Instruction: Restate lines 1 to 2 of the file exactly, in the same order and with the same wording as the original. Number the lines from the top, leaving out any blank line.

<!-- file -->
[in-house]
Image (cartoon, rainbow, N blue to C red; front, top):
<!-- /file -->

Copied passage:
[in-house]
Image (cartoon, rainbow, N blue to C red; front, top):